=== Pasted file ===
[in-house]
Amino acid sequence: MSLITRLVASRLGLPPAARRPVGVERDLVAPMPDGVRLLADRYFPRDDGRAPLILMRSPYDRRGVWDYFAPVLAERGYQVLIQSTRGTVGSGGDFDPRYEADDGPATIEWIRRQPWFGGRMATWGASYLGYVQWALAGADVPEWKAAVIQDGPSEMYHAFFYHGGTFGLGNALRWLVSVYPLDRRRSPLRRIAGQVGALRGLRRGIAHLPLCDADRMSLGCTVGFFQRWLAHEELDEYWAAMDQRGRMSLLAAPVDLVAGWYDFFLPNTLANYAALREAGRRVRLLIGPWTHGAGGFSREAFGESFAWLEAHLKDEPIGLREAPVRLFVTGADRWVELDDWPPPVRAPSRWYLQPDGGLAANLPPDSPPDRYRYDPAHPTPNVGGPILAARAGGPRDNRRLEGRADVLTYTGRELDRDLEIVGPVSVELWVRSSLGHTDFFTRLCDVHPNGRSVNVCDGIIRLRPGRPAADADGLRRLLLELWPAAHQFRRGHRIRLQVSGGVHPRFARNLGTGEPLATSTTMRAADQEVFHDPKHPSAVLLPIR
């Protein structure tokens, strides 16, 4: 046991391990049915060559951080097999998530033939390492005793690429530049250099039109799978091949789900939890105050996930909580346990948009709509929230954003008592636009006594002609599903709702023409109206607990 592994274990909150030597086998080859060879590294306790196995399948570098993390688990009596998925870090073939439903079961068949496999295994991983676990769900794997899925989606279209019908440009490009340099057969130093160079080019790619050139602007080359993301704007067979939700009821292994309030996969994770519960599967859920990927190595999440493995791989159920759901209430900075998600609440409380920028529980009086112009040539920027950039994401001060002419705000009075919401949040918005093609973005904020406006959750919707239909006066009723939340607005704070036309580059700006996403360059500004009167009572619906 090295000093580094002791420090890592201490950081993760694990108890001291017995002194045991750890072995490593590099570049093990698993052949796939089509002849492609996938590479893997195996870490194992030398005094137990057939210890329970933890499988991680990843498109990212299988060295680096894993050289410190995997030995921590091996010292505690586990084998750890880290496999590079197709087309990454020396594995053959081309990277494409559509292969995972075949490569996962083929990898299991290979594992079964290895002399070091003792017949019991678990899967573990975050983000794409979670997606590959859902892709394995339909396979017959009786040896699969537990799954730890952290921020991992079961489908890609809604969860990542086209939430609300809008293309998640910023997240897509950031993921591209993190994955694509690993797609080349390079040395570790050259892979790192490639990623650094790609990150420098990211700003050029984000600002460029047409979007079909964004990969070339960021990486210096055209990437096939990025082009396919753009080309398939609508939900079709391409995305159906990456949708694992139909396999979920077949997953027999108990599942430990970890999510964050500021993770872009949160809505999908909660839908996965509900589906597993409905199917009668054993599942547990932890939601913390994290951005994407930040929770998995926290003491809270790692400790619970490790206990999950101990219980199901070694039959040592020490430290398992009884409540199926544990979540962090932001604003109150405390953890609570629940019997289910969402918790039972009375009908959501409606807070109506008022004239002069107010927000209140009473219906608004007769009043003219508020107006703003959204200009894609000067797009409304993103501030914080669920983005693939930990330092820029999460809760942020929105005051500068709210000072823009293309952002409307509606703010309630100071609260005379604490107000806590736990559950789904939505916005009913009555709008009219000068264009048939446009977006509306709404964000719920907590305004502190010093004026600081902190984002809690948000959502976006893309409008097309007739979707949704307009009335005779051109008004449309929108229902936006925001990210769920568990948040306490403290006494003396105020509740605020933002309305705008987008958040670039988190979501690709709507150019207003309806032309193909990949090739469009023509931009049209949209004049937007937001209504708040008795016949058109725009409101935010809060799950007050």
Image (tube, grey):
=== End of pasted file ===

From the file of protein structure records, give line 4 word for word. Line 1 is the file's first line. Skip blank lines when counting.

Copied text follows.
Image (tube, grey):